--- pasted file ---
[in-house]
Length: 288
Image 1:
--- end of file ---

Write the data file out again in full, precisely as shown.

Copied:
[in-house]
Length: 288
Image 1: